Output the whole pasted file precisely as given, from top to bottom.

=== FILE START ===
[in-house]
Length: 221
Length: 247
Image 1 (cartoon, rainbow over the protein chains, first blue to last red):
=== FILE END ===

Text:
[in-house]
Length: 221
Length: 247
Image 1 (cartoon, rainbow over the protein chains, first blue to last red):